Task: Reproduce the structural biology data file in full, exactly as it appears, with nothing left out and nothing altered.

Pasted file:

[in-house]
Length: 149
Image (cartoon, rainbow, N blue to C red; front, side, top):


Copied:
[in-house]
Length: 149
Image (cartoon, rainbow, N blue to C red; front, side, top):